South African Police are investigating murder cases after six bodies, all with gunshot wounds and believed to be illegal miners, were found in an open veld next to a railway line in Benoni, Ekurhuleni.
There are fears that among the deceased were Zimbabweans as the area is known to be frequented by foreigners who engage in illegal mining.
Many Zimbabweans live in South Africa with the majority of them doing menial jobs.
According to Gauteng Police, a passer-by called police after he came across the bodies at about 9am on Sunday.
SAPS is still investigating the case and is in the process of identifying the bodies.
“Police found that all (the) bodies have gunshot wounds on the upper body. It is suspected that the deceased were killed elsewhere and taken to where they were found as they were put in a pattern. It is also suspected that the deceased are illegal miners.
“The motive for the killings is still unknown and the bodies have not yet been identified.
“Police have opened six cases of murder, and the investigation is continuing,” SAPS said in a statement.
In 2015, South Africa emergency workers retrieved 11 bodies of Zimbabweans who were killed when a generator they were using in a disused underground mine exploded in Benoni, 35km outside Johannesburg, South Africa.
The group, which comprised 15 people —among them Zimbabweans and Mozambicans — reportedly entered the mine on August 27 using the generator for lighting and drilling.
During the process, they started a fire using planks which produced toxic gases which then mixed with carbon monoxide from the generator which also exploded.
The group died of asphyxiation (oxygen deprivation) while a few managed to escape and made a report to the police.
The mine is located in the Springs area of Benoni.
The incident also came a year after 22 Zimbabweans perished in a disused gold mine in Roodeport in May 2014.
Zimbabwe’s Consul-General to South Africa, Mr Batiraishe Mukonoweshuro, recently appealed to Zimbabweans living outside the country to avoid engaging in dangerous activities.
Meanwhile, the Zimbabwe Republic Police and their Botswana counterparts are still looking for 10 of the 18 prisoners who escaped from lawful custody at Gerald Estates Centre for Illegal Immigrants in January.
According to media reports from the neighbouring country, some of the fugitives are believed to have fled to Zimbabwe and their whereabouts are still unknown.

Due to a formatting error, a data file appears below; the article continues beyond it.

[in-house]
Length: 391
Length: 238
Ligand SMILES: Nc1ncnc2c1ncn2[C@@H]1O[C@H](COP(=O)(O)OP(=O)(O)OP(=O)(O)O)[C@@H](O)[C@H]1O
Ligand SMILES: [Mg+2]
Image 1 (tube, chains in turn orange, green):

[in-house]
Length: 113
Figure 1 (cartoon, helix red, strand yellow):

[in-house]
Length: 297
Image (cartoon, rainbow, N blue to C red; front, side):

Botswana police recently acknowledged that the search for the 10 prisoners wass proving difficult. They have since engaged their counterparts to help find the fugitives.
The prisoners who have been classified dangerous by the Botswana authorities escaped after destroying a fence with a manhole cover.
So far only eight have been arrested.
The escapees were on remand and were facing charges for dangerous offences such as murder and robbery.
Botswana police, prison officials and soldiers have been working around the clock to bring the culprits to book.
Gerald Estates Police Station commander Superintendent Edward Leposo was quoted as saying that the leads provided to the police had turned cold.
Those still at large are Chakalani Barati, Musa Willy, Elvis Ndlovu, Dzikhamani Ndebele, Innocent Nyoni, Edwin Ncube, Sunganai Tafiraushe, Givemore Chaloba, Brilliant Thabisani and Bruce Masuku.
Two escapees are Botswana nationals while the rest are Zimbabweans.
“We have been getting various leads about the whereabouts of the prisoners, but they have produced nothing.
“We are on the ground trying our best, but the search is proving to be difficult. What is key is that we are getting many leads from the public and we remain optimistic that they will lead to more arrests,” Supt Leposo said.
One of the escapees, Thabani Ncube, was arrested in Zimbabwe where he is facing a theft charge and authorities are processing his extradition to Botswana.
Other prisoners who have been arrested are Rowland Moyo, Gaomodimo Molosiwa, Mlindeli Moyo, Sicelo Sibanda, Godwin Mapunganyika, Charlotte Ndlovu and Methuli Sibanda.
The prisoners were arrested in Francistown, Masingwaneng and Tutume.